Inspired by his new coach and the pages of Runner’s World, Gathje went on to represent Minnesota’s Saint John’s University at Division III national meets. He studied to become an actuary, the beginning of a 40-year career in the field, and continued to race. In 20 years of racing, he’s finished more than a dozen marathons, with a PR of 2:27:30, plus countless other shorter distances.

During his run streak, Gathje averaged around seven miles a day, and settled for one mile only 10 times. He ran the day before marathons, after marathons, his wedding, the birth of every one of his four children, when he flew to Hawaii for vacation and to Europe on business. Once, when stranded in Newark’s airport because of a canceled flight, he got his mileage in by doing laps in the parking lot.

“I just thought, hey, that’s pretty cool. I can’t stop now,” he says. And that attitude never wavered.

Despite the streak, Gathje strove to keep running on the periphery of his life. Most of his runs took place before the world was awake. For a while, he ran his commute, slotting it into his existing schedule.

The amount of discipline needed to continue a 45-year streak is immense, but Gathje insists that after a while, it just became automatic. Plus, his “numerically-inclined” career contributed a lot, too. He dutifully recorded details of every run in notebooks, then transitioned to spreadsheets when computers arrived.

The level of analysis he’s reached is incredible: With a few clicks, he can find any arcane statistic imaginable, like his 20th-fastest 30-mile week. But despite being a number’s guy, Gathje was never sucked into tech’s intersection with running. He has no idea what Strava is—the running world’s loss, because what a profile that would be—and he just recently bought a Garmin smartwatch, whose data went straight to his spreadsheet after each run.

But he didn’t have much time to enjoy that automatic input. Soon after, Gathje knew it was time for his running streak to come to an end. The osteoarthritis he’d been dealing with in his right hip—which had been bothering him for six months—grew worse. In fact, he’s due for a hip replacement soon.

“When we first found out, we were walking around in a stupor,” says Laurie, Gathje’s wife, of when the doctor told them how serious things were. “It was hard on both of us, because I know it was devastating to him.”

The transition from running has been difficult, but Gathje says he has no regrets. The running streak community—which he keeps tabs on through Facebook groups and the USRSA lists—has been overflowing with comradery because of its basic principle: You can never pass someone in the running streak charts until they end their streak, and to wish the end of decades of effort and discipline upon someone borders on cruel. “There’s really no reason to root against people,” Gathje says. “It’s really about you doing your best, them doing their best.”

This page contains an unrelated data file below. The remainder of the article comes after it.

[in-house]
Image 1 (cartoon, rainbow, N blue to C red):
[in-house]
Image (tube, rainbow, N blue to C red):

And while it has been difficult to put aside his running shoes, he’d do it all again without a second thought.

“I’m pretty satisfied with my life. It’s been good, and running has played a part in it,” he says. “I wouldn’t be me if I hadn’t done this.”





Upcoming Local Events


September 15, 2018

Saturday, September 15, 2018 - 10:00 AM
Kivi Park, Sudbury

Support Colours of Hope 5K Sudbury!

Add a splash of colours to your running calendar with the Canadian Cancer Society's Colours of Hope 5K at KIVI PARK! You'll be transformed in more ways than one during this non-competitive, fun-filled event which celebrates life and raises important funds to fight cancer.

When it's over, the colour will wash away, but your smile is there to stay. Register to begin fundraising online for the Canadian Cancer Society's Colours of Hope 5K.




September 16, 2018

Sunday, September 16, 2018

Run Day Details

Registration: 9:30 am - 10:30 am
Official Ceremonies: 10:30 am
One Start: 10:45 am
Location: Grace Hartman Amphitheatre off of Bell Park Boardwalk



September 16, 2018



  September 23, 2018

Killarney Mountain Lodge Fall Classic 2018

Race Times
5k : Sunday September 23, 2018 @ 9:00 A.M.
10k : Sunday September 23, 2018 @ 8:30 A.M.
Half Marathon : Sunday September 23, 2018 @ 8:00 A.M.
Contact Information
For more information please contact Kelly McAree

Register Here Online

Email: gm@killarney.com
Phone: 705-287-2242




  September 30, 2018

Welcome to CIBC Run for the Cure in Sudbury

We invite you to run or walk with us on Sunday, September 30, 2018 for the CIBC Run for the Cure in Sudbury. Whether it’s your first time, or you’ve participated for years, we look forward to having you join the movement! Help make this year’s event inspirational and memorable, all while you help the Canadian Cancer Society create a future without breast cancer.


Cambrian College, 1400 Barry Downe Rd.
Sudbury, ON, P3A 3V8


Route Map

Contact Information

Team Coordinator


Volunteer Coordinator










Run Club Update




Store News


Good afternoon Sudbury Runner's and Walker's,

See you all at Run Club tonight 6pm


your Sudbury Staff


We have FREE run club Wednesday nights at 6pm and Sunday mornings at 8:30am.






Track North News - by Dick Moss













Dick Moss, Head Coach
Laurentian XC/Track Team
c/o Coach Moss <pedigest@cyberbeach.net>
Web: http://laurentianxctrack.com
Facebook: https://www.facebook.com/groups/laurentianxctrack/

For information call me.
Vincent Perdue
341 Fourth Ave, Sudbury On. P3B-3R9
vt perdue@cyberbeach.net

Proud sponsor of the Sudbury Rocks!!! Race, Run or Walk for Diabetes



All photos images and content copyright Sudbury Rocks!!